Woke up a little tired from the little jog I took the day before. I wasn't hurting especially but just fatigued. There were a handful of people signed up for this run and I somehow made it to the start on time. I had my camelback filled, tank and shorts on, cap and sunglasses prepped. I had studied the map the night before and even wrote out left/right at each turn. It would have helped if I had brought it with me. Thankfully the race director, Arthur Martineau, had copies of the directions for everyone.
No fanfare, timing mats and a finishing remark from Arthur that "the race started 2 minutes ago" set up off on our 26.2 mile journey. Here's our huge group of runners. I'm standing behind my beautiful, leggy friend, Betsy.
My goal was 4:30 or faster. Or just finish. I would REALLY know until I had a few miles under my belt to see how my body was feeling. We set out on a beautiful, quiet morning in Bellevue. A guy took off in front and I started putzing along, staying in front of most of the group without trying. The general consensus this morning was, what's the hurry?
David Pierson was quickly at my side, a fellow marathon maniac, a surprise since I didn't see him at the start. He was a little late and hurried to catch up with us. He also ran Seattle Rock and Roll the day before and finished about the same time as I did but we didn' see each other. I met David during my Winter Triple, discovered he is deaf, and have blundered my way through conversations while David remains ever-patient with me. My daughter is minoring in ASL in college and keeps telling me to study!
David had the same plan, sort of, in that he wanted to run a 4 hour and I told him I would run a 5 hour and he told me I couldn't slow down and we'd run a 4 hour. Yeesh, these are the kinds of friends I have! We worked well as a team not getting lost and keeping each other on track taking in nutrition and liquid.
The course was rolling and we hit this very long section of downhill that killed my quads. We thought it would never end. I told David we must be running to H-E-L-L. And what goes down, must come up or something equally original. Haha. Surprisingly we never had a huge uphill that seemed to be the equivalent of the downhill. Thank the Lord!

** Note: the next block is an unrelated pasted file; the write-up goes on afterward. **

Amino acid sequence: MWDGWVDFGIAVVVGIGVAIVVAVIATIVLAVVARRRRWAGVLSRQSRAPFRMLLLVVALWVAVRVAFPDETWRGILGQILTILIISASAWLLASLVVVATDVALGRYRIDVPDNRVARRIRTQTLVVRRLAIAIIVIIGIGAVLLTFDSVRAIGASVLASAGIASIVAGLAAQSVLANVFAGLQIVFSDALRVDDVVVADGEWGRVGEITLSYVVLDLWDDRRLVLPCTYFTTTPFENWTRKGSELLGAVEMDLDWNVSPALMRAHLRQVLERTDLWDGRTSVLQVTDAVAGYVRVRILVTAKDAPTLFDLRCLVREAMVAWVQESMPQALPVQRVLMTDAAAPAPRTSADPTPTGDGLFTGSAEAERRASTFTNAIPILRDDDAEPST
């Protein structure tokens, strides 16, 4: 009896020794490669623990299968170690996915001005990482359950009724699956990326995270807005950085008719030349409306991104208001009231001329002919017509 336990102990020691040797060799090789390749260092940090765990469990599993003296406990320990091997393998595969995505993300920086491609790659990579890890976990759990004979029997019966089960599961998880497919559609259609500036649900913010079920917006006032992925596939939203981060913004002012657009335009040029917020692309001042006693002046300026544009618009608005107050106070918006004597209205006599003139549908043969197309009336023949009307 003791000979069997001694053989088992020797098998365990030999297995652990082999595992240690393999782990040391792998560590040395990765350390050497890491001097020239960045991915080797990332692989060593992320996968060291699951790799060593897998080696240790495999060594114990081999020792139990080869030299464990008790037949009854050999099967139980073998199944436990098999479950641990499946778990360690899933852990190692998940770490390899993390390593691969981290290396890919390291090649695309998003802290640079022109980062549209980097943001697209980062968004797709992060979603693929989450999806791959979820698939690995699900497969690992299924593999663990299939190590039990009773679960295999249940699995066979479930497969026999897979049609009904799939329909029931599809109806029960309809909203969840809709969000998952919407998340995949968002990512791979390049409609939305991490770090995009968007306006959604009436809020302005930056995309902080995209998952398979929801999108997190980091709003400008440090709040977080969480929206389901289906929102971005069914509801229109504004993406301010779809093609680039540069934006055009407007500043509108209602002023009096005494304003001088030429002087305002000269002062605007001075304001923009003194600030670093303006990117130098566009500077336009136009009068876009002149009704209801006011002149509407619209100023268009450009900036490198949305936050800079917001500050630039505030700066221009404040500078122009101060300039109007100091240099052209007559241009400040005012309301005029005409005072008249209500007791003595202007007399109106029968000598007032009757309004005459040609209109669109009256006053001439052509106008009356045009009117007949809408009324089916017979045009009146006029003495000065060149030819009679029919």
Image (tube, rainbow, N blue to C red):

David started tiring around mile 16 and after walking some more uphill and not being able to convince him I didn't mind sticking with him, I powered on my own off the main roads and onto a nice bike trail. The time passed so much more quickly with David by my side. My pace significantly slowed and I expected to see David and many others pass me but it didn't happen. I wasn't the only tired runner out there. I wasn't feeling hurt but just fatigued. Finishing seemed like a great idea.
There were numerous times I had to stop and look around at street signs and/or ask people where I was to be sure I hadn't missed a turn. There were a few times I was positive I had taken a wrong turn but somehow I was on the right path. I kept my pace slow and steady and made my way up the last final uphill to the finish line. Less than .2 to go and I stood waiting at another intersection for the light to change. What a difference between a big city marathon and low-key marathon. I love both for different reasons.
The finish line arrived and I was one happy girl to be done. 26.79 on my Garmin. Got some water, found myself in second place and penguine-walked to my vehicle for the drive home. First I had to GPS a fast food place because I NEEDED french fries.
My next race, Taylor Mountan Marathon, was in 6 days and I would not run leading up to it because my body was struggling to recover. It was a good move.